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Changing of the Iowa GOP Guard

Twice at the Iowa GOP state convention, efforts were made to restrict any criticism of a Republican from anyone holding an elected state-party position. Twice those efforts failed, thankfully. The insularity that the big-government, war-mongering Republicans want to impose on their fellow Republicans is stifling.

It’s no secret that 23 of 28 non-bound voting delegates from Iowa at the Republican National Convention in Tampa in August are Ron Paul loyalists or supporters – including new Iowa party chair A.J. Spiker, who was formerly a Ron Paul paid staffer. The Ron Paulistas, as some refer to them, have taken over the Republican Party of Iowa, and nothing was more evidence of this than the peaceful, professional, and controversy-free manner in which last Saturday’s statewide convention played out.

One must compare the convention with district and state Republican conventions in Nevada, Louisiana, Missouri, and Alaska, where police helicopters and unlawful arrests and broken hips and fingers were the order of the day for many of the electorate that did not follow the establishment single-party-system script of pretending there is a difference between the two parties.

Iowans who understand our state motto have known better since the January 3 precinct caucuses and stuck with the statutory system of being elected by their neighbors to eventually be able to influence Iowa’s party leadership, national delegation, and state-party platform. Critics will point to the Ron Paul takeover of Iowa’s Republican party as a reason that “first in the nation” status will be lost for the caucus process. To the contrary: The peaceful and transparent manner in which the caucus process has played out over multiple party conventions – from county to district to state – is a strong reason why Iowa will remain first in the nation.

Full Article: http://www.rcreader.com/commentary/changing-of-the-iowa-gop-...

    Who's Police State is It?

Romney’s visit here (Davenport, Iowa) on Monday, June 18, was a real eye-opener for just how far down the path we have gone to a police state. You know it’s getting surreal when local retired auxiliary sheriff deputies are bullying people, herding them like cattle along predetermined paths that start hundreds of yards away from the actual speech site – all this corralling of Quad Citians for a political speech by a presidential candidate who is not even a nominee yet. Ron Paul signs on the periphery magically disappeared and were replaced by Romney signage.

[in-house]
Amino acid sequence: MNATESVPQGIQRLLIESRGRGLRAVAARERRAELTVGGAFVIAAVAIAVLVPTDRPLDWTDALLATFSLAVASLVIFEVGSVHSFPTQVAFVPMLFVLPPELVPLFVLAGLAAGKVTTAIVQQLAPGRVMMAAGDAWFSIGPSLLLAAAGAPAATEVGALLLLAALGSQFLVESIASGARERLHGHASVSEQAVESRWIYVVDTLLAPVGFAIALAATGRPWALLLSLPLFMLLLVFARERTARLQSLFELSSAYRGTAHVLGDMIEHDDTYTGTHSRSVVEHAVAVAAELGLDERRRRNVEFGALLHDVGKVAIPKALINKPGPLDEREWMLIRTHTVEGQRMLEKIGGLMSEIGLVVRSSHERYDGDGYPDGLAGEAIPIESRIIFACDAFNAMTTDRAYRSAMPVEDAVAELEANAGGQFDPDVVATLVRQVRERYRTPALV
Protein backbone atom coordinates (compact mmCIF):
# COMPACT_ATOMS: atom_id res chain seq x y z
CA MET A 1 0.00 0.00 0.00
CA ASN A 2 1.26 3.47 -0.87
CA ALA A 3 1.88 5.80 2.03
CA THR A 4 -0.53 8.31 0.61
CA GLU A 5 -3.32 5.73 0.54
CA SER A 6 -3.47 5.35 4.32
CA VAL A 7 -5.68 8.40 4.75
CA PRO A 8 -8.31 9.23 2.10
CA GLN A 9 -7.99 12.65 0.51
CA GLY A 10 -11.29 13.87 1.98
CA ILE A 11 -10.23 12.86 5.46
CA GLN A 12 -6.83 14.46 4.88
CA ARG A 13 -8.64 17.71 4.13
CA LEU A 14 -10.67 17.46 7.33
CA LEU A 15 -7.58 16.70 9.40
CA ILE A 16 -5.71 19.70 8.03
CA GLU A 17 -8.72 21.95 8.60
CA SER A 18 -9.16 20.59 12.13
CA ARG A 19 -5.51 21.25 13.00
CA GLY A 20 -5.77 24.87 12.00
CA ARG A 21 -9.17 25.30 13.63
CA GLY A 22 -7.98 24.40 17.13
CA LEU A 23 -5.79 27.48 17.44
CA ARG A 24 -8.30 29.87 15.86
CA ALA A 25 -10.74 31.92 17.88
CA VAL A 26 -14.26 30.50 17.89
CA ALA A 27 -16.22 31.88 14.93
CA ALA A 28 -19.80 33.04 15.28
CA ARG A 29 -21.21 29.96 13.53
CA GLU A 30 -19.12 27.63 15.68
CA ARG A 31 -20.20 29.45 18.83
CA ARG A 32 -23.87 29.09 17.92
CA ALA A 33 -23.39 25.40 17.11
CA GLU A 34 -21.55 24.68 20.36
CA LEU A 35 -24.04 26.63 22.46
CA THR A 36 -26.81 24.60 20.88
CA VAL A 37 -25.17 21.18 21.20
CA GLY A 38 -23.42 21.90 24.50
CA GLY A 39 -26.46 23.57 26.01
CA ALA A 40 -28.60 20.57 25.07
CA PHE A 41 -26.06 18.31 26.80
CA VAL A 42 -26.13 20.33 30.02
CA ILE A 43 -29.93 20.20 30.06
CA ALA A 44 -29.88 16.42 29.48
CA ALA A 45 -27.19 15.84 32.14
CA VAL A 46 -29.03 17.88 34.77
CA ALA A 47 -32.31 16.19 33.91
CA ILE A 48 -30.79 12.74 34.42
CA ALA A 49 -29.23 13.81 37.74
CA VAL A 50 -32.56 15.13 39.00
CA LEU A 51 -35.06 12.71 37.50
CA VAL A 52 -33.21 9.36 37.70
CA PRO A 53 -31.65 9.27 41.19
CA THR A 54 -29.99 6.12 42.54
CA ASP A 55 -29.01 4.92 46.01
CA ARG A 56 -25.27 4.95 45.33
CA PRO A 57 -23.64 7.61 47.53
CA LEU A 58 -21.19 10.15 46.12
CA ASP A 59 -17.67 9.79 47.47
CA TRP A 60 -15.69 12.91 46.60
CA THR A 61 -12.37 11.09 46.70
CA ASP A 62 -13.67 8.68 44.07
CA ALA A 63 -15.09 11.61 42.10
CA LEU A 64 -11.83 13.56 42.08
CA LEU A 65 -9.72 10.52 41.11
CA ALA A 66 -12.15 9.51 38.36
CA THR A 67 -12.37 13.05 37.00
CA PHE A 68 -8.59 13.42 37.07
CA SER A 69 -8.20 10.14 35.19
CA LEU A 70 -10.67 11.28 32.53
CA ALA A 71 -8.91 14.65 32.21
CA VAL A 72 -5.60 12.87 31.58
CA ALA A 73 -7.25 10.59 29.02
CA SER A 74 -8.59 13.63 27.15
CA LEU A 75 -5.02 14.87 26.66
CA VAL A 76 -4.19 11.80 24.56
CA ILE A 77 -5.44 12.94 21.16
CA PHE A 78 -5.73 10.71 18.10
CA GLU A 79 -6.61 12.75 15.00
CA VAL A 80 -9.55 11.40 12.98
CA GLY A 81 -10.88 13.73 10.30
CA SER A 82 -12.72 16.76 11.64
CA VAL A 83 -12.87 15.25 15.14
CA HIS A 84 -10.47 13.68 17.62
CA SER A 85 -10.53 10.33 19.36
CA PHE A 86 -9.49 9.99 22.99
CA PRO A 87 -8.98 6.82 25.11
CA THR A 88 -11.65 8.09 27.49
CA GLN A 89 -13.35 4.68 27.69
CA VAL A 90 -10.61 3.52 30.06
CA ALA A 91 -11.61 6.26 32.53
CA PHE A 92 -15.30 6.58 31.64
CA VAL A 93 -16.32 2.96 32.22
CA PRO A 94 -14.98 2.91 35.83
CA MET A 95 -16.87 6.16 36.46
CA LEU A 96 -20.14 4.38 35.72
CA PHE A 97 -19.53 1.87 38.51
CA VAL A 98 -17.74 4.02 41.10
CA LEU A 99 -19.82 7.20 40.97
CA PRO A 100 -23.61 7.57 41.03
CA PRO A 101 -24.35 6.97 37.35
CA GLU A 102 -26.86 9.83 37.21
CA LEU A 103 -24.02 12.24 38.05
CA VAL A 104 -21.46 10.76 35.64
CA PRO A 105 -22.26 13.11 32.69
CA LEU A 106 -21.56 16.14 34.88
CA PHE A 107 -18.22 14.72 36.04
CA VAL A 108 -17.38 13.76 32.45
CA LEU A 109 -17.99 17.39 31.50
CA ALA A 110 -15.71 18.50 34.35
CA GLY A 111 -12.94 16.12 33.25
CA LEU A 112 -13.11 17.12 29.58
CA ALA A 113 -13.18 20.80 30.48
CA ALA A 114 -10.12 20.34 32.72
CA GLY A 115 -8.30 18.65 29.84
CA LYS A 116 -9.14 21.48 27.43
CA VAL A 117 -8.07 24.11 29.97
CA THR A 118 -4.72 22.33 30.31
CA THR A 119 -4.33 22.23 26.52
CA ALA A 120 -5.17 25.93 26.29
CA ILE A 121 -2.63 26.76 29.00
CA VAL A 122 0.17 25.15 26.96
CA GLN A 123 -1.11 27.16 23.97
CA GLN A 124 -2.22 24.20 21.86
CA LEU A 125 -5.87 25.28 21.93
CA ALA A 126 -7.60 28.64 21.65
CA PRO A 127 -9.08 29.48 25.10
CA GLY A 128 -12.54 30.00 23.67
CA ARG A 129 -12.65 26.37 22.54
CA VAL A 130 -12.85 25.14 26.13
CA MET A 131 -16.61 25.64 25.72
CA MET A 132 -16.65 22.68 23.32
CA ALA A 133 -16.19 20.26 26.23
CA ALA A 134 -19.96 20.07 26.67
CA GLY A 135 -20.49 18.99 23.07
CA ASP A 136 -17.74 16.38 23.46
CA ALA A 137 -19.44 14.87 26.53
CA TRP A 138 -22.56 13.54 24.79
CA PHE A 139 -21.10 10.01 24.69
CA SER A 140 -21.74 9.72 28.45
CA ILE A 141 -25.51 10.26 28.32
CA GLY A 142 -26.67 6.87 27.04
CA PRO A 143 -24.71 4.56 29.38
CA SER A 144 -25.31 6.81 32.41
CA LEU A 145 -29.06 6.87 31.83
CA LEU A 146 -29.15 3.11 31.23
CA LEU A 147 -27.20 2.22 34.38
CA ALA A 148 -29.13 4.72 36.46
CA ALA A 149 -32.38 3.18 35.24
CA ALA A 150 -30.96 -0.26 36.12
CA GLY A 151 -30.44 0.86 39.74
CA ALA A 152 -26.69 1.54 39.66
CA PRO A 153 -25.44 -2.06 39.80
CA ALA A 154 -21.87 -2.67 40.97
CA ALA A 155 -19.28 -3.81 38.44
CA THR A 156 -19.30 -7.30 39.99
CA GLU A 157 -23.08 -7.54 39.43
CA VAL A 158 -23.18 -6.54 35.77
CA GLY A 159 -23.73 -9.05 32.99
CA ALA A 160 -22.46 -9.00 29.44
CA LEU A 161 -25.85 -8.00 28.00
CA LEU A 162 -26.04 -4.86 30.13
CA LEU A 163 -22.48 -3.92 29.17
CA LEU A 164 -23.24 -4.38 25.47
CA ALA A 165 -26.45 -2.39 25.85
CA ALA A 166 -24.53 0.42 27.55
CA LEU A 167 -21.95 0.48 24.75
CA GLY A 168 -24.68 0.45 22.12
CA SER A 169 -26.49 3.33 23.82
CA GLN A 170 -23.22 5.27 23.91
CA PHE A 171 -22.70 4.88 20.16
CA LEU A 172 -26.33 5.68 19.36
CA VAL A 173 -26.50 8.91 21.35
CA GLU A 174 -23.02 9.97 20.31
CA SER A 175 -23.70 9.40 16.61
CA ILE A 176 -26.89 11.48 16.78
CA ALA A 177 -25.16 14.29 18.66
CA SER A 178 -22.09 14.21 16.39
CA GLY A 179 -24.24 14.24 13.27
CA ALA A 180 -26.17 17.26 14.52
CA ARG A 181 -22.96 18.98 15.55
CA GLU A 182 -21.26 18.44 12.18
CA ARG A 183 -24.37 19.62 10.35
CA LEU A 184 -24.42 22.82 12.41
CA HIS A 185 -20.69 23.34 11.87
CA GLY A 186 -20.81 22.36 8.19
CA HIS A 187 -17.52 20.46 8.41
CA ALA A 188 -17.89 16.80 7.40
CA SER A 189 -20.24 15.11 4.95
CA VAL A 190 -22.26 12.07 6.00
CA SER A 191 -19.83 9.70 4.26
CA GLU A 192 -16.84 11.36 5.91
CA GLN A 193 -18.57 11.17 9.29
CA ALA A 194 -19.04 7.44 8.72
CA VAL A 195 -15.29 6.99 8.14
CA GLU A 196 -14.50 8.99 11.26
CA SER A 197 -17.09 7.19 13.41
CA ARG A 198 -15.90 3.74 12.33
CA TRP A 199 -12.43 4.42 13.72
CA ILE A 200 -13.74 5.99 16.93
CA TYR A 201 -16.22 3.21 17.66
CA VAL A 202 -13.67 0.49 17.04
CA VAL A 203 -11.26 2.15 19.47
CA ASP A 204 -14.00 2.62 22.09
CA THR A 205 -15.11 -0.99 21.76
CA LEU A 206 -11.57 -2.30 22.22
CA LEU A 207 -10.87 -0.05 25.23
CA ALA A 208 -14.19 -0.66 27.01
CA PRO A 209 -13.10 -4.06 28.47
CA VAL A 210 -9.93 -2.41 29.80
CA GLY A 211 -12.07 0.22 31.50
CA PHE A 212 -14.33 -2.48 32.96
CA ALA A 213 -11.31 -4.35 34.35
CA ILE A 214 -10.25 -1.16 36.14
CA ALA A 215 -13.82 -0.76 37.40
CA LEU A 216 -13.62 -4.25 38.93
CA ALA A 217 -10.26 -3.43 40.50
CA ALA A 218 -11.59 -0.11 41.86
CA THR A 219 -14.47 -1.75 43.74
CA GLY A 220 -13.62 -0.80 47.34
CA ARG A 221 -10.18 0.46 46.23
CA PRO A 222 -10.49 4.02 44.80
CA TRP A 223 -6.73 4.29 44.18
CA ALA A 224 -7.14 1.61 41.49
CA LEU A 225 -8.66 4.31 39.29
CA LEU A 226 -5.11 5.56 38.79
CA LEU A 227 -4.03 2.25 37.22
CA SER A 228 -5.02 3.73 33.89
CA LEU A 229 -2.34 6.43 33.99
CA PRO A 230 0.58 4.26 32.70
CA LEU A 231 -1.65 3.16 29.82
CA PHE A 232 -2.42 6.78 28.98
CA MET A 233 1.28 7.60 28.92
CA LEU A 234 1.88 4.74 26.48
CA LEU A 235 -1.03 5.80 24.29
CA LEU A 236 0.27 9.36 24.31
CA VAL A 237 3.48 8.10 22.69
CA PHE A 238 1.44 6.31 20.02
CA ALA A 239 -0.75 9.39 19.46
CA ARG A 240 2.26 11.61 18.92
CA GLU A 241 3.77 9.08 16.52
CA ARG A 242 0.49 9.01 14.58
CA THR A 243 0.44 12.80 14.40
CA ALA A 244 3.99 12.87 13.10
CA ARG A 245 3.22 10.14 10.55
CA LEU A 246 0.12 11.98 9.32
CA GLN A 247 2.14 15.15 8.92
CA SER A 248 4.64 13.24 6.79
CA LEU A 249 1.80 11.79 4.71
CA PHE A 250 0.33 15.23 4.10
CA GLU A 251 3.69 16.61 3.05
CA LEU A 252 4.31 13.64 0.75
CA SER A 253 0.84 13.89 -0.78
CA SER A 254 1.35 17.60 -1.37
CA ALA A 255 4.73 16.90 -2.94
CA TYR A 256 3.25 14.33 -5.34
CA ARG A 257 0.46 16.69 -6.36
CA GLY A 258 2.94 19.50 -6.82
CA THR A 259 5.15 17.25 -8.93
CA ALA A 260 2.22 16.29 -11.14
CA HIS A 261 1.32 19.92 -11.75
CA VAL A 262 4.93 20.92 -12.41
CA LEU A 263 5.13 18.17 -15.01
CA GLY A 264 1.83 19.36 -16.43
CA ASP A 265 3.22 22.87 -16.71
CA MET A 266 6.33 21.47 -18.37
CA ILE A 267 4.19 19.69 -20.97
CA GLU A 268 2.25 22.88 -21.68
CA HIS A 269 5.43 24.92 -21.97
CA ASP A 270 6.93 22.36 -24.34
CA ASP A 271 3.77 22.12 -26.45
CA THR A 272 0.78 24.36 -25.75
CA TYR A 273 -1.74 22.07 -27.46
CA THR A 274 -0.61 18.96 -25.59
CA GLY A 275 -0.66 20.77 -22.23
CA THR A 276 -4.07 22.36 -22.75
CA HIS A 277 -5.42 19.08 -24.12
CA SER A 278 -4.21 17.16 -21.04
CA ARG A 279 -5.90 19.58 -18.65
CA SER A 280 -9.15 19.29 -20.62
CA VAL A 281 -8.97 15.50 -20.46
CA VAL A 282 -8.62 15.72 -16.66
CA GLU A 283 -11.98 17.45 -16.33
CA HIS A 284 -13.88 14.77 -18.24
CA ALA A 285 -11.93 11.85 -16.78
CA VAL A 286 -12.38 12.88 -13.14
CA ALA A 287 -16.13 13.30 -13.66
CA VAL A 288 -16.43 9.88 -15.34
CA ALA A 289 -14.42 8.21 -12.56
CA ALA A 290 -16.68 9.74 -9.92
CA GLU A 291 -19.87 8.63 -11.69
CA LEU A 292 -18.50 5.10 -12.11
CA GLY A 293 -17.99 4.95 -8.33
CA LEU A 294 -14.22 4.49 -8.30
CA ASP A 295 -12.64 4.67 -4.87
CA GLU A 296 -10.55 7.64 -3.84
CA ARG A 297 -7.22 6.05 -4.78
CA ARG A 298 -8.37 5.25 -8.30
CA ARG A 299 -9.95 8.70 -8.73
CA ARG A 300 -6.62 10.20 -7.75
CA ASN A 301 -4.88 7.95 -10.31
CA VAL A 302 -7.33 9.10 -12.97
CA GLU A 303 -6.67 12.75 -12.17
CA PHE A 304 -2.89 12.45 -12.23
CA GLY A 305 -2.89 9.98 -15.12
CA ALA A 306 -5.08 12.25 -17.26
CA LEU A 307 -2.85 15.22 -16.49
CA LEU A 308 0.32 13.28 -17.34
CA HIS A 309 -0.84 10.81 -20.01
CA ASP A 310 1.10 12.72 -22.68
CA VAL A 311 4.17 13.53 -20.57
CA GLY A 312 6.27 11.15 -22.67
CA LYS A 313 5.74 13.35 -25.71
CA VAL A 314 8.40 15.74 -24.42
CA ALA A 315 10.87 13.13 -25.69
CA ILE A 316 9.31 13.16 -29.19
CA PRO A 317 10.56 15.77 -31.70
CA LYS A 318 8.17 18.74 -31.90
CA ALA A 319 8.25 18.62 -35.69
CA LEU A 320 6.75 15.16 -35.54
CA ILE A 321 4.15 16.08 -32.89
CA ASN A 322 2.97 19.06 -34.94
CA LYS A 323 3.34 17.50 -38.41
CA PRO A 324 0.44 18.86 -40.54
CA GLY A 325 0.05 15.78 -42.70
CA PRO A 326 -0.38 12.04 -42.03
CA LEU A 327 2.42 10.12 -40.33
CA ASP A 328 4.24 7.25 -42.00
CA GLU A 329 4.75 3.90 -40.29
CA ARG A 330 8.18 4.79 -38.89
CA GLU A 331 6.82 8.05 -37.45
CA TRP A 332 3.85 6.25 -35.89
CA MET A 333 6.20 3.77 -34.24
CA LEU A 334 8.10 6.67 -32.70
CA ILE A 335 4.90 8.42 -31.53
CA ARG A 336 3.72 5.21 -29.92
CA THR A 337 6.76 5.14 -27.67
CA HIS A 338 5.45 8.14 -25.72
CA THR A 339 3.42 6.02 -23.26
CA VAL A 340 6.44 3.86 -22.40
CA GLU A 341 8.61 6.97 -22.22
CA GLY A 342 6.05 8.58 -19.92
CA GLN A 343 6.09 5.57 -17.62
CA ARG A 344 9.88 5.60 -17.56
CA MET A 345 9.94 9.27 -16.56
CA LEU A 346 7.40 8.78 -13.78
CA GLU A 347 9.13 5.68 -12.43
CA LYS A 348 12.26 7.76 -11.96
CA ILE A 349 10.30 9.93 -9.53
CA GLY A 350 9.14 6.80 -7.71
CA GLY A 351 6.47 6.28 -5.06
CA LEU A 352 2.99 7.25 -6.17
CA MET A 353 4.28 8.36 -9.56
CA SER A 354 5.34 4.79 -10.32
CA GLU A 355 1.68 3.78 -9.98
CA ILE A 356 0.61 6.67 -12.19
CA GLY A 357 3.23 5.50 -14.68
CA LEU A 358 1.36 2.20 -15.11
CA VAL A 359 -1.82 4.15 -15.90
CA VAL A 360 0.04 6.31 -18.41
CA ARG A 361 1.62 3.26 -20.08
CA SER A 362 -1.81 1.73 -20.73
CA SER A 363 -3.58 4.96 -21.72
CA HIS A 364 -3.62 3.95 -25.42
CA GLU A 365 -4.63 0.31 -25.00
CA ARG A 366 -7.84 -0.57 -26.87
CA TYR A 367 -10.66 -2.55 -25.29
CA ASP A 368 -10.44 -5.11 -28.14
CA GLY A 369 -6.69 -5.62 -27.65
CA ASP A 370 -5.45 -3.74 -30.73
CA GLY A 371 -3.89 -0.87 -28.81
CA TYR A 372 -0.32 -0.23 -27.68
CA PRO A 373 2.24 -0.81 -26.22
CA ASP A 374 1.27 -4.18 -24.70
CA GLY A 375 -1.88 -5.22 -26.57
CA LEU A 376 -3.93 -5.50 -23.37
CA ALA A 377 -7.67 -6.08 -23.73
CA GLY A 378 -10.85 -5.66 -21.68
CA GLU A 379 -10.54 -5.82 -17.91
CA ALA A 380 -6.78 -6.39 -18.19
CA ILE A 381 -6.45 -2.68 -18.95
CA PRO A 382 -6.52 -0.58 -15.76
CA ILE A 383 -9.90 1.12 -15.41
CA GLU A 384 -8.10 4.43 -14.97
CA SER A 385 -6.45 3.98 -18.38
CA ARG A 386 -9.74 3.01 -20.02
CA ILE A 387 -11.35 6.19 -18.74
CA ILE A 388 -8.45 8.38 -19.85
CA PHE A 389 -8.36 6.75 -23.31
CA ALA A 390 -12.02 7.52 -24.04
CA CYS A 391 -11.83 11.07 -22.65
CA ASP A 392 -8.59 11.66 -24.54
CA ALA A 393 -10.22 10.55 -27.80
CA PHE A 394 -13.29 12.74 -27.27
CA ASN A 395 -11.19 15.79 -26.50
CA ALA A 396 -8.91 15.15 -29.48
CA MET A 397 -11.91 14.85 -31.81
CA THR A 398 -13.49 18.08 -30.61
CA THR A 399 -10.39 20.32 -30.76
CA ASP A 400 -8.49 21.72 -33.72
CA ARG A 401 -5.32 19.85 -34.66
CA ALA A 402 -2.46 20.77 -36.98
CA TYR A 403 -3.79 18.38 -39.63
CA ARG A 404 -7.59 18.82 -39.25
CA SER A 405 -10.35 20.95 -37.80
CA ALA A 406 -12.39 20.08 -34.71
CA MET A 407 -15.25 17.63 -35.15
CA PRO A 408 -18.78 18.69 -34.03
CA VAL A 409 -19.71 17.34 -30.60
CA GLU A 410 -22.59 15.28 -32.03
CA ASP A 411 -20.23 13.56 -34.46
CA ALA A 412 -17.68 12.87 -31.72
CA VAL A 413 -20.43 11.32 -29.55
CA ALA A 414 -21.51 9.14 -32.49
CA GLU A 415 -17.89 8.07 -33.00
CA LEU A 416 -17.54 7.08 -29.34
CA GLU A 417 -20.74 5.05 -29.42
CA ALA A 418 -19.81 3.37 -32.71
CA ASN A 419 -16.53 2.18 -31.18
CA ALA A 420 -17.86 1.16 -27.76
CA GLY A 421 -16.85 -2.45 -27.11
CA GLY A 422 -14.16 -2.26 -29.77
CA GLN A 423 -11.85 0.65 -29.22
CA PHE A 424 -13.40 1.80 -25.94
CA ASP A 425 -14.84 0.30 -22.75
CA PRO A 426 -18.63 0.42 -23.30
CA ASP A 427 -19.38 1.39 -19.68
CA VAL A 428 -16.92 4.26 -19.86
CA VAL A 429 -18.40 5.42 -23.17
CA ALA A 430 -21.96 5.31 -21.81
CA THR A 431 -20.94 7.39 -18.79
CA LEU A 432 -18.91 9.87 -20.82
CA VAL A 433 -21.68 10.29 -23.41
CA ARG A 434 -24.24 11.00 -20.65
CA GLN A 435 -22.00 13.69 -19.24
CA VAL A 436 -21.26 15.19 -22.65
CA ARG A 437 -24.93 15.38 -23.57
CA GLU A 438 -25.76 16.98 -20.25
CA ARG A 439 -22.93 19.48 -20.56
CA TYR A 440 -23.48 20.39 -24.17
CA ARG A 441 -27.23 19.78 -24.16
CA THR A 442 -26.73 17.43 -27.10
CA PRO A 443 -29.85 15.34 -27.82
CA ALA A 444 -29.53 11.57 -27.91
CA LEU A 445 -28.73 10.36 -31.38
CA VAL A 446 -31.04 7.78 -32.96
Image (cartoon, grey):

This is completely un-American. Our local police should not be participating in censoring any voices who oppose Paul, Obama, Romney, or any other candidate in the race, under any circumstances. This is the direct result of a new law, House Resolution 347 – or the Federal Restricted Buildings & Grounds Improvement Act of 2011 (http://www.RCReader.com/y/hr347) – that prohibits free speech in the vicinity of any politician under the protection of the Secret Service. This law and the resulting censorship via law-enforcement’s intimidation and threats are violations of the Bill of Rights, and peace officers should be as outraged as civilians.

It was obvious the rigid security had nothing to do with Romney himself (he didn’t attract enough people to fill the chairs at LeClaire Park), but was instead a practice drill for the local police coordinating with the state and federal authorities in a crowd-control operation. A local man who took his shirt off in the heat – and who happened to be an Iraq veteran supporting Ron Paul – claims he was escorted out of the park for uttering “bullshit” to one of Romney’s comments.

Full Article: http://www.rcreader.com/commentary/changing-of-the-iowa-gop-...

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Favorite city,Davenport.Lived there and went to school there.Great work Iowa.

First in the nation

It's great to see Iowa setting an example for the rest of the nation - Paul is clearly the only rational choice for real change.

The idea of liberty cannot be stopped - I'm happy to see Iowa at the front of the pack and am proud to have been a part of Iowa's victory for Paul.